Turning Up The Heat: Building Glare That's More Than A Nuisance

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The Walkie Talkie Building in London. (Simon & His Camera/Flickr)
The Walkie Talkie Building in London. (Simon & His Camera/Flickr)

It's a simple rule of architecture: your building can't damage other buildings. Or parked cars. Or passersby.

And yet in London, reflections from the Walkie Talkie Tower recently melted part of a Jaguar parked nearby.

And in Dallas, reflections from the Museum Tower complex are overheating the adjacent Nasher Sculpture next door. There are other examples of this phenomenon as well.

So why is this happening?

"You have a surface that acts as a mirror — that in itself is not a problem," MIT architecture professor Christoph Reinhart told Here & Now.

The problem, Reinhart says, is when the mirrored surface of the building curves inward, so that it "acts as a solar cooker," reflecting concentrated sunlight — which can contain large amounts of thermal energy, or heat — onto neighboring objects or surfaces.

The other effect, which causes glare, is when a surface scatters light. This scattering happens because glass buildings have a reflective coating applied to the glass. Without the reflective coating, the building would absorb most of the energy from the sunlight.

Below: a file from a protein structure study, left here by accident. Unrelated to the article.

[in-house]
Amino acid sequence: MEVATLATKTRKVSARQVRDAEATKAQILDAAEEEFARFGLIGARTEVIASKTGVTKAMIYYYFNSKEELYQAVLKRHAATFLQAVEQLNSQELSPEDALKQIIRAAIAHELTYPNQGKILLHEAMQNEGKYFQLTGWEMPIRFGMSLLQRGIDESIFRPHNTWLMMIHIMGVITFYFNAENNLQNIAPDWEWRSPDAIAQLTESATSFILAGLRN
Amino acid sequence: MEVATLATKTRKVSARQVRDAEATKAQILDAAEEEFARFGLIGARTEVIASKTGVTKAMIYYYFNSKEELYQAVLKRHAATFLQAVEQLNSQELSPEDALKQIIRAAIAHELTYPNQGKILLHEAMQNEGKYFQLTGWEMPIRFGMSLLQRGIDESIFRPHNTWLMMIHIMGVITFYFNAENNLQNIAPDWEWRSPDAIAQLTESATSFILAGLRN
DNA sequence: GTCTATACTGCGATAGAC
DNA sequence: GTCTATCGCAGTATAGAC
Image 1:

Reinhart says architects and design teams that plan to use reflective surfaces need to be meticulous as they plan their projects.

And it's not just buildings that cause problems. Reinhart once worked with a Massachusetts airport to resolve the problem of photovoltaic cells causing glare for air traffic controllers.

He used a computer-based method called ray tracing, which models what glare would look like for an observer at every hour of the year.

"We have to use more advanced methods to design the buildings, and avoid these types of incidents," Reinhart said.


  • Christoph Reinhart, architecture professor at MIT, the Massachusetts Institute of Technology.

This segment aired on September 12, 2013.


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